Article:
Start Quote

Space is hard - it's a truism and we've just seen further evidence of it”

End Quote

The BBC's Damian Grammaticas, who is one of a number of foreign journalists invited into North Korea for the launch, said the group had not been given any more information beyond that brief statement.

The rocket's failure, our correspondent said, is an embarrassment for the North Korean leadership.

It will also come, analysts say, as a relief to many countries who are worried about North Korea's potential to deliver weapons via long-range missiles.

'Provocative action'

The US said that North Korea's behaviour was of concern to the global community.

"Despite the failure of its attempted missile launch, North Korea's provocative action threatens regional security, violates international law and contravenes its own recent commitments," a White House statement said.

Statues of former leaders Kim Jong-il and Kim Il-sung were unveiled at a lavish ceremony in Pyongyang

Pyongyang agreed in February to a partial freeze in nuclear activities and a missile test moratorium in return for US food aid. But that deal was put on hold last month after the North announced its rocket launch plans.

Earlier this week reports also emerged from South Korea of a possible third nuclear test being planned by North Korea.

North Korea conducted a similar rocket launch in 2009. On that occasion US and South Korean analysts said the rocket failed to reach orbit - but North Korea said it was a success.

The failure of this launch could pose a challenge for Pyongyang, which is holding a week of high-profile events ahead of the formal celebrations to mark Kim Il-sung's birthday on Sunday.

The Workers' Party held a rare conference on Wednesday ahead of the annual one-day session of the Supreme People's Assembly on Friday.

Both meetings are seen as formalising the transition of power to young leader Kim Jong-un following the death of Kim Jong-il.

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  • rate this
    -1

    Comment number 655.

    Unfortunately NK send mixed messages. They open the door to recieve food aid, then engage on trying to make a rocket that may lead others to think they want a Nuclear capability. As a rogue state, I agree that we must get close to assist, but they must be willing to stop slapping at the hand that reaches out.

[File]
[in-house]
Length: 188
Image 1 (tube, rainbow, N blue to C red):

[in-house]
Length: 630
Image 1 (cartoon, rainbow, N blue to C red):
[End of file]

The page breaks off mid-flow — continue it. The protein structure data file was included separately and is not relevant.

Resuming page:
At least be consistant - I hope the new leadership takes the opportunity.

  • rate this
    -13

    Comment number 562.

    Many are saying that it was a waste of money that could have been used to help reduce poverty in the country, but that's not how it works. This rocket launch will have created thousands of jobs in North Korea and will help the country progress into the space age. Satellites are a huge part of the Western economy, so this can only help North Korea. Well, if they can get the next one right it will.

  • rate this
    -16

    Comment number 419.

    What a lot of noise over nothing. Some countries need to look at themselves before pointing the finger with accusations. North Korea wanted to put ONE satellite up...who is cluttering the atmosphere with countless satellites (not necessairily in the other's best interests) & shouting loudest against North Korea's launch?

  • rate this
    +10

    Comment number 418.

    So it was unsuccessful and thus a lot of hype over nothing and as for the view that it has crippled them into poverty that largely depends on the cost of the labour and parts used which NK claims to have developed themselves at a much lower cost than here as wages are a lot lower. A complete waste of time but no more than some of the things we do here.

  • rate this
    -4

    Comment number 404.

    Instead of imposing more sanctions on N.Korea why not remove the existing ones and start to behave in a less hostile manner towards the country. We all know its only trying to defend itself, anything else would not be tollerated by any of its neighbours, including China.
    It's the people of the country that are suffering, not its leaders.